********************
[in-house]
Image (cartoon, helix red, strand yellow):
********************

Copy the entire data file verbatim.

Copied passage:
[in-house]
Image (cartoon, helix red, strand yellow):